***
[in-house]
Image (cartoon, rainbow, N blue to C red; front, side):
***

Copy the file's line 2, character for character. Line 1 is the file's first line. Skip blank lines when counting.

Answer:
Image (cartoon, rainbow, N blue to C red; front, side):